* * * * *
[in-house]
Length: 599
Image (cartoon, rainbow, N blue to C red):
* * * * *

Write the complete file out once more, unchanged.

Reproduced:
[in-house]
Length: 599
Image (cartoon, rainbow, N blue to C red):